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Agony Forever Etched By A Picture On A Screen

January 30, 1986|CHARLES CHAMPLIN | Times Arts Editor

We will all be able to say, all our days, where we were, what we were doing, what we thought and felt as we heard the radio or watched, again and again and again, that awesome and awful footage from 11:39 a.m. EST.

It is a terrible truth that never had tragedy been so easy to see. The images of launch, the widening plume a billowy white against the beautiful, cold, blue and cloudless sky, had never (so I thought) been so clear and perfect.

Catastrophe--the firebrand pieces spraying into space--had never been so vivid, never seemed so much like cruel echoes of Hollywood special-effects detonations (which, in their turn, will never play the same again).

The immediacy, the power and the responsibility of television have never been so crucially demonstrated. The country became very small in an instant, a focused family suspending for some little time most other considerations and concerns.

Out of a distant past arose the memory of the first such uniting sorrow I can recall: the children being shushed to silence while the elders leaned into the large, console radio for the latest details on the kidnaping of the Lindbergh baby.

I couldn't comprehend then, but do now, that the great rush of sympathy for the bereaved is inescapably touched with intimations of one's own fragility and mortality. It was impossible Tuesday morning not to imagine yourself inside the space shuttle Challenger in that microsecond between life and (swift and merciful) oblivion.

Like the loss of any loved ones--and the tragedy made the seven riders our kin--the deaths leave a piercing sorrow and, as well, a quickened respect for life and the uses of the days we have.

In an age of quick and incessant communications, the coverage of any catastrophic happening does have a way of taming it, denaturing it, draining its urgencies into a numbing flood of details and repetitions.

The echoes and investigations of Challenger's fiery end will go on endlessly, perhaps reaching only a speculative account of what must have gone wrong. Yet the impact of that eye-witnessed moment in time is not likely to be dimmed or changed; it is too strong to be eroded, even by the mileages of tape and the yardages of text that will follow.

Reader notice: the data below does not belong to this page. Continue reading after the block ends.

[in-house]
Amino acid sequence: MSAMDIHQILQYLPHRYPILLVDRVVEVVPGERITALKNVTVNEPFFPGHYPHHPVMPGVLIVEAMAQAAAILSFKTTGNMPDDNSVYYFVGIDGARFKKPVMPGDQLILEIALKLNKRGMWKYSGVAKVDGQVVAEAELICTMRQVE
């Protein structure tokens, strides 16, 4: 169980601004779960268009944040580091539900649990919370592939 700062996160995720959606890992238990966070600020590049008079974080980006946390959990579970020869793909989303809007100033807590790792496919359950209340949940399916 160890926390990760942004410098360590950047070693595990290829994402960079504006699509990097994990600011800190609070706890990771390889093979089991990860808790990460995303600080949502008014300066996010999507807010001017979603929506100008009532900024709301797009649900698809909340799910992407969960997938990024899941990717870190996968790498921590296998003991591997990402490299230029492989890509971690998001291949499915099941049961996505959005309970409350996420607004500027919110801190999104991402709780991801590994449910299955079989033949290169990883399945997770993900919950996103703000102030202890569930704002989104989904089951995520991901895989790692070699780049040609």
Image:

Amid the tumbling rush of thoughts and feelings Tuesday morning, I remembered also a Bill Mauldin cartoon from World War II, his GIs Willie and Joe amid the rubble of battle and one saying, "What we are is fugitives from the law of averages."

We've all been fugitives from the law of averages, and although the three commercial networks evidently had decided that one launch is much like another and weren't doing live coverage this week, the suspense of every launch has been stomach-knotting and tinged with the dread possibility that what did happen might happen.

Equally, every launch is a lesson in courage and deep commitment, with those images of the astronauts striding cheerful and expectant toward the pad. The kidding about Sen. Jake Garn's airsickness only put a light capping on the risks being willingly embraced.

If there've been lessons in courage, there were lessons this week in cool professionalism as well. The horror and anguish at Mission Control translated in the words "a major malfunction," delivered in a quiet voice, in a supreme effort of self-control, I have to imagine. It was grace not simply under pressure but amid horror and dismay.

Television itself was a display of professionalism. Tempted toward rhetoric in the face of evident tragedy and in the absence, for long and aching minutes, of hard information beyond what the eye could see, Dan Rather and Tom Brokaw (the two I was watching in turn) avoided even the word tragedy until there was no escaping it.

It was a far contrast from the medium's tendency to try to pump urgency into warehouse fires and suspense into lopsided sports events. This time, I thought, television discharged its responsibilities with muscle and maturity.

The sorrows of Cape Canaveral remind us again, and with profoundly mixed emotions, how far we have come into the modern world. It may be that there never is a point of no return, never the real possibility of withdrawal to a simpler, safer world in which tragedy is somewhere else and where one technological miracle does not witness the lethal malfunctioning of another.

All, finally, that links present and past is the bravery of pioneering men and women and the constants of compassion and love and sorrow.

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